The Wine Regions : Burgundy
I’m like many of you dear readers (and readers), I’m not a wine expert, but I like to learn every day. I decided to start a new series on the blog to share my meeting with the different wine professionals, the wine regions. Let’s start with our first article, The Wine Regions : Burgundy.
The Wine Regions : Burgundy and it’s five wine-producing regions
First, it is interesting to know that Burgundy has 5 wine regions (Chablis & Grand Auxerrois, Côte de Nuits, Côte de Beaune, Côte Chalonnaise and Mâconnais). The region is located at the crossroads of Mediterranean influences in the south, continental in the north and oceanic in the west.
It is this geographical situation of the vineyard that gives the wines of Burgundy a unique identity and makes it a perfect terroir for the grape varieties of Pinot Noir and Chardonnay.
The region is about 230 km from the North to the South, which gives it about 28 840 hectares of production vines, 7% of the French vineyard of Designation of Origin, according to average data from 2010 to 2014. This production is equivalent to 187 million bottles produced each year, which corresponds to 0.5% of world production.
The Wine Regions : Burgundy, a culture of noble grape varieties
The wines of Burgundy are mainly wines of mono-vines, which gives them a pure expression. It is the absolute reference in the production of Chardonnay (48%) and Pinot Noir (34%) of character. You can also find grape varieties such as Gamay (10%) and Aligoté (6%).
While we see this almost distinct culture between white wine and red wine having almost 50% of the territory, we can expect similar proportions with the colors of the wines, but this is not exactly the case . White dominates mostly even if the great red wines of Burgundy make the area famous.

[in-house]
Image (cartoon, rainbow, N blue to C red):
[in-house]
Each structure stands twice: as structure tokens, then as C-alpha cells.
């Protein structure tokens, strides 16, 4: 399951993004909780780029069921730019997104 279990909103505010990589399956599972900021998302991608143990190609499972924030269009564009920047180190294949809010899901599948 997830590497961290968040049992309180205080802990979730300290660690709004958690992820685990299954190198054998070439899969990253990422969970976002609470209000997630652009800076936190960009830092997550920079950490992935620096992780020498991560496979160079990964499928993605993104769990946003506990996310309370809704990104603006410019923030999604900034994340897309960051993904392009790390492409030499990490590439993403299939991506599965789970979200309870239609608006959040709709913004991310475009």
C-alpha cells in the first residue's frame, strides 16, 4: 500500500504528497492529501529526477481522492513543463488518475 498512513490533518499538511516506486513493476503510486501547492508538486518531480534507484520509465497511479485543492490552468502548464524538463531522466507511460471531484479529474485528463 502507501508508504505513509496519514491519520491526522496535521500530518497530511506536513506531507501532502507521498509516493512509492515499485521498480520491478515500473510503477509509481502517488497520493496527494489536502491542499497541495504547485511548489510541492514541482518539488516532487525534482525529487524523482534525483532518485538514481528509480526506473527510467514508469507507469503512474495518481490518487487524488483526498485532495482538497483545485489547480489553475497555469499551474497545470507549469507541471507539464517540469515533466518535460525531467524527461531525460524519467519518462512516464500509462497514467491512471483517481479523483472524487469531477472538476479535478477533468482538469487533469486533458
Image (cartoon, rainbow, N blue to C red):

The appellations express the diversity of characters of Burgundy wines. All the wines of Burgundy are Appellations d’Origine Contrôlée (AOC), now numbering 100, you can see a few at the bottom.
The Wine Regions : Burgundy, a favorable weather for the region
As I said at the beginning of my article, because of its unique geographical location, Burgundy is exposed to a semi-continental climate. Depending on the season, the vineyard benefits from ocean influences (spring and autumn), continental (winter) or southern (summer) influences. The region enjoys the sunshine and high temperatures in summer allow an optimal maturation of the grapes, concentrating the aromas.
This exhibition and this orientation favor the quality: The orientation of the plots and the exposure of the vines on hillsides at altitudes between 200 and 500 meters allow:
- better frost resistance
- natural protection against west winds
- to get the most out of the sunshine
- natural drainage
The soil and the subsoil, irreplaceable and inimitable:
- The subsoil of Burgundy was formed between 150 and 180 million years ago.
- It is mainly composed of marls and limestones of marine origin of the Jurassic from where the mineral side of the whites.
- It is in the limestone that the roots will draw the finesse, the richness and the minerality characteristic of the appellations of Burgundy.
The Wine Regions : Burgundy, a climate that expresses the terroir
Typical of Burgundy, Climats (term for a vineyard producing a specific type of wine (Source: Wikipedia)) are precisely delimited parcels of land, benefiting from specific geological and climatic conditions which, combined with the work of men, gave birth to an exceptional mosaic of terroir. Les Climats transmits to each Appellation de Bourgogne a unique and remarkable organoleptic personality. More than 600 climates classified as « Premiers Crus » make up the Burgundy vineyard.